We must admit there will be music despite everything.

You can read this whole poem (and a few others by Gilbert, as well as an encapsulation of his life story) at thesunmagazine.org/issues/451/a-brief-for-the-defense (this poem is the last one on the page).
(Whatever you do, don’t listen to it being “read” aloud on poemhunter…I’ve only just visited the site, listened to a couple of poems, and realized that this must (it surely must!) be a computer/digital rendering of them: it is simply dreadful.)

Where Glory and Gladness meet…there is Grace.

(“I never saw a Moor…”) / Dickinson


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I never saw a Moor.
I never saw the Sea –
Yet know I how the Heather looks
And what a Billow be –

I never spoke with God
Nor visited in Heaven –
Yet certain am I of the spot
As if the Checks were given –


In The Poems of Emily Dickinson: Reading Edition, edited by R. W. Franklin, 1999.

So interesting. I wonder, is the poet speaking of a pre-conceptual knowing, a cognizance that exists deep within our very bones? . . . We know these “things”, these experiences of perception, because they have been attended to for millions of years by our ancestors: archetypes of the natural world, fractals comprising our physical reality (billowing clouds, grasses, waves of precipitation or insects or birds or fish or mosses; pink-purple florets, fields in florescence, sunlit water flecks, swards of stars, dewdrop or ice crystals at the first gleam of morning sun) . . . although God and Heaven would represent archetypal realities more social and ethical in their nature, more distinctly, uniquely human. We know them when we experience them, and when we hear their names we know them again.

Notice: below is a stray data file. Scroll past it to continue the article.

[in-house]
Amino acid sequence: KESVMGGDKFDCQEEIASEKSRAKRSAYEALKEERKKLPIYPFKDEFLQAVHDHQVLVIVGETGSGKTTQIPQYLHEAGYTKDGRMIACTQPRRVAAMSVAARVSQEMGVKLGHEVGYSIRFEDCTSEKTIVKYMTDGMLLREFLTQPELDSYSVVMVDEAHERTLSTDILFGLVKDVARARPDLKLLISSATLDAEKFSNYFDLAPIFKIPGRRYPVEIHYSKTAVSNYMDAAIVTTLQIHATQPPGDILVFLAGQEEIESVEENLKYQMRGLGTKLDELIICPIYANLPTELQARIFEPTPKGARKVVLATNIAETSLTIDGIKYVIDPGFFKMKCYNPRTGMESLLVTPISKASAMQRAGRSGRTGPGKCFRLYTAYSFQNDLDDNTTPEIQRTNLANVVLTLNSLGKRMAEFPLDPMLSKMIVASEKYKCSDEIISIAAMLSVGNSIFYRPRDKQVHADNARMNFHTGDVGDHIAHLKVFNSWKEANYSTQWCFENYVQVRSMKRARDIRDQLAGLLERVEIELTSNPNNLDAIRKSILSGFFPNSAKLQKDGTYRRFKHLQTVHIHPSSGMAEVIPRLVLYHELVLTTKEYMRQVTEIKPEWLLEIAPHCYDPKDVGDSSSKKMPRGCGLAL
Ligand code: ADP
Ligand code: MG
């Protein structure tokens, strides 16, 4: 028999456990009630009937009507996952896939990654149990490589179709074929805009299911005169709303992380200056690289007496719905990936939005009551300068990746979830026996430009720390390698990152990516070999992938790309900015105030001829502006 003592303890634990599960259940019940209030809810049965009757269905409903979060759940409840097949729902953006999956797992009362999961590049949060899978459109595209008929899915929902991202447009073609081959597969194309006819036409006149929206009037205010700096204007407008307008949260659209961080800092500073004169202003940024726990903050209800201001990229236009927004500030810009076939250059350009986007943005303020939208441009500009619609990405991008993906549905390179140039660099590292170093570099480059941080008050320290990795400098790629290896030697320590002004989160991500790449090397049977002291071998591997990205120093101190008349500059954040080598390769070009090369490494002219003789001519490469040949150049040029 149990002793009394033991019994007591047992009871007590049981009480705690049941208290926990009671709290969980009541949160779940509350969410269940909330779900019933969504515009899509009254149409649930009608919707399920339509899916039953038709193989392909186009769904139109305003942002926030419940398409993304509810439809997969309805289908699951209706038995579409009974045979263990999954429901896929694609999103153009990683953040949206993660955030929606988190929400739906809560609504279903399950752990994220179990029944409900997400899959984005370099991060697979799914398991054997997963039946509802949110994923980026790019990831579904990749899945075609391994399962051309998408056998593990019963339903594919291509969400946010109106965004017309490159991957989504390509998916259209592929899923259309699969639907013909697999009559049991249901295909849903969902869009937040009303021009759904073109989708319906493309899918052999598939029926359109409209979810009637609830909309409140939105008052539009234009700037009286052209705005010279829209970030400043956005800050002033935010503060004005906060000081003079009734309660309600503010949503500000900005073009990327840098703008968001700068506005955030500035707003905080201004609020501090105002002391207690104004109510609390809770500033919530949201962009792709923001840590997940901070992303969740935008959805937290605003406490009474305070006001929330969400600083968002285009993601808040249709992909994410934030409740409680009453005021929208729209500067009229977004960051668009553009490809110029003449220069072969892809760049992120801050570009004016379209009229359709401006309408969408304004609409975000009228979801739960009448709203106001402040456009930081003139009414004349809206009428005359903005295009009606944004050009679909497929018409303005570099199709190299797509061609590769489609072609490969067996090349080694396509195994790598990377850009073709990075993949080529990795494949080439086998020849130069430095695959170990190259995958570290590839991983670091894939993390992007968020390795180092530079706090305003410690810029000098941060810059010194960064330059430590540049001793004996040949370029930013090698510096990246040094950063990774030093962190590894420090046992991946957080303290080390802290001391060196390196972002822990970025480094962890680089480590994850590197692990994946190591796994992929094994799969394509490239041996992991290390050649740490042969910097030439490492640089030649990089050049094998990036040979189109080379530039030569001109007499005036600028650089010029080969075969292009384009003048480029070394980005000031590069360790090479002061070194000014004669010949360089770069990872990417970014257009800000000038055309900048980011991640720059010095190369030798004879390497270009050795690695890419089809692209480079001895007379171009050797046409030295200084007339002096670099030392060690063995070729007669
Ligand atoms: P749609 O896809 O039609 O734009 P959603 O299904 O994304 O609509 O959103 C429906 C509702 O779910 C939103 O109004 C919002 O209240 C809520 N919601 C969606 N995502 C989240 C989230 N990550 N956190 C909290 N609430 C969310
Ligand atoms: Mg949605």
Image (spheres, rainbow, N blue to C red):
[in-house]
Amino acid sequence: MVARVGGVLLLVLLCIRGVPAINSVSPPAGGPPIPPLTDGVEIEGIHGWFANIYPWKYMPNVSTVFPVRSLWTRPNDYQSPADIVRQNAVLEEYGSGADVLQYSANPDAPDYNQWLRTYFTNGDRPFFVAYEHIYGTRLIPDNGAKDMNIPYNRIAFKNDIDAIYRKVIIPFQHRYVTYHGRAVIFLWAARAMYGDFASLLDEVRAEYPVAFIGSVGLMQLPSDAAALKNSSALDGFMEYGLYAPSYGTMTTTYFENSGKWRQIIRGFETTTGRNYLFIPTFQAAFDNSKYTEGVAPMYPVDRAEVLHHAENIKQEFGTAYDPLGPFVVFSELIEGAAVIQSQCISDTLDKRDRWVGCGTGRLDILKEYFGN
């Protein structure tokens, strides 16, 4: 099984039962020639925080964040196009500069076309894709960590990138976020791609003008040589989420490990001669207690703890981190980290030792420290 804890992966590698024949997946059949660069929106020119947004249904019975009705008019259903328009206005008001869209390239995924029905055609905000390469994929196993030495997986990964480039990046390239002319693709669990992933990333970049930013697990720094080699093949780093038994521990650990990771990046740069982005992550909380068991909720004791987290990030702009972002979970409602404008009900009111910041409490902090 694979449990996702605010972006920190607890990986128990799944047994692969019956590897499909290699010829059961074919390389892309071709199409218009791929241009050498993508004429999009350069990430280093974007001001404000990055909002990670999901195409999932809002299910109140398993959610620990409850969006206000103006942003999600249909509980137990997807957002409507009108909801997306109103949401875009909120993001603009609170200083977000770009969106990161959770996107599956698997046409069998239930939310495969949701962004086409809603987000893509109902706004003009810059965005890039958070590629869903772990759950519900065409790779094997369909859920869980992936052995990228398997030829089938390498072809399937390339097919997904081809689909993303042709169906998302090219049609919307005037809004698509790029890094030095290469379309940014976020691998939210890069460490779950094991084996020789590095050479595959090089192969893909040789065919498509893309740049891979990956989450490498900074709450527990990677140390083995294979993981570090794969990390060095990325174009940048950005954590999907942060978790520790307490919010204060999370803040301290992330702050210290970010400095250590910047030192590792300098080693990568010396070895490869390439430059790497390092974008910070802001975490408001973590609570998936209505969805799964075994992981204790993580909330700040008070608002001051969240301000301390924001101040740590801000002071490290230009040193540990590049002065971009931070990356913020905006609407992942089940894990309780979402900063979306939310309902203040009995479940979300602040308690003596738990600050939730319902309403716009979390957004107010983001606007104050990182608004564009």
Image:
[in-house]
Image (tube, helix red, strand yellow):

(An aside re punctuation: R. W. Franklin worked many years researching, discerning, and “deferring to her custom in presentation and usage” for this publication of Dickinson’s oeuvre . . . I hope that this is the reason for the period (full stop) at the end of the first line, i.e., I hope that this is not a typo! While it seems to me a very strange place for a period (and Dickinson used relatively few periods), I suppose we must trust the proofreaders on this. So, full stop it is—and, actually, as I’ve never seen a moor either, it gives me the opportunity to pause and realize this, and reflect on it a bit, recall stories I’ve read and pictures I’ve seen, to imagine what a moor might look like, and whether I’ve encountered something / some place comparable to a moor in my own singular experience of life.)

(“He ate and drank the precious Words…”) / Dickinson